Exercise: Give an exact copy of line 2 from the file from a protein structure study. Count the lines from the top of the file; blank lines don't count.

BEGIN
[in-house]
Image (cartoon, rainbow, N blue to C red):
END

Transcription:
Image (cartoon, rainbow, N blue to C red):